Bill Binnie sets his sights on NH media empire
Other than an unsuccessful race for the U.S. Senate in 2010, there aren't too many things Binnie has set his sights on that he hasn't achieved. The Rye-based entrepreneur is now focused on building a coherent media operation from a series of acquisitions in 2011 and 2012 - his flagship TV station in Derry, an independent TV station in Nashua, along with a handful of lower-power TV stations and 17 radio stations.
He's also been buying up real estate to house the statewide media operation now under construction. He expects to close the deal on a former middle school in Concord in the first quarter of 2013, and another deal for the former police station in Laconia after that.
Once those deals close, Binnie's media operation will have a footprint in Derry, Laconia, Concord, Lebanon and Nashua. He will control radio and television airwaves that extend throughout New Hampshire and into neighboring portions of Vermont, Maine and deep into Massachusetts.
What's the end game? An integrated broadcast and new media-empire, with hubs in Derry, Laconia and Concord, from which consolidated news-gathering and entertainment operations will feed content to radio, television and the Internet.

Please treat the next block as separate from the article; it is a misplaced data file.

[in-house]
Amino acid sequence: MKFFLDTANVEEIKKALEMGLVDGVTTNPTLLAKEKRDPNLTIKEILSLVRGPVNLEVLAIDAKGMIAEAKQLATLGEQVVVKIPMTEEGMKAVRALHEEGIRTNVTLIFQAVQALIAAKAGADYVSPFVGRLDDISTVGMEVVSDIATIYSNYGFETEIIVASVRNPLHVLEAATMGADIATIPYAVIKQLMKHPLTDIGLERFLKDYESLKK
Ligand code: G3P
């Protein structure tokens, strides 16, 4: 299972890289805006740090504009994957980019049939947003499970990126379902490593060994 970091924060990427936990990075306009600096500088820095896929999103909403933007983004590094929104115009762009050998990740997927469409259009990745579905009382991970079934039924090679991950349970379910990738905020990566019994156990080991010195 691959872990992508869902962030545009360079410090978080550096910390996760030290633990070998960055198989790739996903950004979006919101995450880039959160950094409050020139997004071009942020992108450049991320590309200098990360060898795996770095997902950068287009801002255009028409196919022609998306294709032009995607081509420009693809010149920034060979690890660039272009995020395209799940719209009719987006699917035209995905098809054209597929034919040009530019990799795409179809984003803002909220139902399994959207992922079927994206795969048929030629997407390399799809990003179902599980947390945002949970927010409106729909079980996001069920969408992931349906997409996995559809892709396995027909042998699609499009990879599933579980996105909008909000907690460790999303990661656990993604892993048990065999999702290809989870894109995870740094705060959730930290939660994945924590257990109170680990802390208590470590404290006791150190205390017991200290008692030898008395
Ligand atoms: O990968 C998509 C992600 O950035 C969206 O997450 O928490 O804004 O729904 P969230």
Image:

The end game is several years down the road, Binnie said, but he has already expanded news and sports programming at his stations, and is building what he calls "a public affairs infrastructure that will attract people who are serious about news in New Hampshire."
On a tour of the renovated WBIN offices, he talks about the millions invested in technology, the clean and modern work environment and the high-end talent he's recruited to the operation. But he seems most proud of the broadcast studio that features seating for a good-sized, live studio audience.
It's designed for the kind of public affairs programming that Binnie hopes will become the signature of his news operation. The large theater and auditorium at the former middle school in Concord were part of what attracted him to the property, he said, as he attempts to build spaces for civic dialogue throughout the state.
If the past two years have been about acquiring the puzzle pieces, the next two to three years will be all about putting the puzzle together.
"We will launch a political show in the next 12 to 18 months," he said. "We will expand our news, both on television and on radio. Politics is an important venue for the media in this state, and we see ourselves being a player, through debates, political shows, town hall meetings and so on."
A business opportunity